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Background:

Next to the door of a new flat there was a roll of paper inside some plastic wrap. I didn't know what it was, so I took it down to inspect it.

Inside I found a roll of very stiff paper and Hebrew writing. A quick Google search and I learn that this is a Mezuzah. I don't know much about the Jewish faith, and I don't want to cause any more harm then I may have already.

This is a rented flat, I believe the landlord had the Mezuzah placed there in accordance to their faith.

Question:

In such a case would a non-Jew be "qualified" to simply put the Mezuzah back where it was, or should something else be done with it?

(I was linked to this question, which is very close to this one, the main difference being that I have removed the Mezuzah from its place, not know what it was until I looked it up on Google.)

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    I would contact your local Orthodox rabbi and ask him. This is a very tough subject I don't think anyone but your local rabbi could answer. (CYLOR) – ezra Nov 4 '16 at 2:34
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    Hey, welcome to Mi Yodeya! I don't know the answer to your question off hand (but I'm pretty sure there is nothing more you can do right now), but have you asked the landlord? I don't think they'd mind if you explained what happened. Sounds like you made an honest mistake – Shokhet Nov 4 '16 at 3:22
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    I would just return it to the landlord as the fact that you are renting the apartment means that it does not need a mezuzah. – sabbahillel Nov 4 '16 at 9:36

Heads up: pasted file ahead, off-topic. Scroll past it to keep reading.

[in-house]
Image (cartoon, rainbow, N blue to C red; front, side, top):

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There are special blessings said when one puts up a mezuzah. You should not put the mezuzah back up where it was, but rather place it somewhere safe and call up the landlord and tell them what you've done.

  • Do those blessings even apply when replacing a mezuzah, though? Like when you take it down to have it inspected, or because you're painting? – Monica Cellio Oct 2 '17 at 1:02
  • This OP doesn't sound so Jewish. As such he would not be making blessings and he shouldn't be putting it up at all. Also @Monica as a nonjew his removal would be deemed one that would require a new blessing when it is put on by a jew. It is not comparable to a Jew who removed it with intention to return it to that place. – user6591 Oct 2 '17 at 1:06
  • @user6591 the OP shouldn't be making a b'racha in any case. I can't remember if a Jew makes a b'racha when replacing a mezuzah but if not, the question shouldn't even come up for a non-Jew. But I didn't know that a non-Jew taking it down meant a b'racha would be required. Rafael, assuming you concur, it'd be good to edit that into your answer. (And if you can cite sources, even better.) – Monica Cellio Oct 2 '17 at 1:13
  • @Monica any time a mitzvah is interrupted with intention of continuing it no bracha is said. So taking off teffilin or a taalis or a mezuzah with intention to put it back gets no new bracha because it is considered a continuation of the old act. If the taalis tefilin or mezuzah fall off or are removed by someone who is not qualified to have the intention to 'continue' the mitzvah, then the old mitzvah is over and a blessing must be said when it is begun again and affixed anew. – user6591 Oct 2 '17 at 1:20

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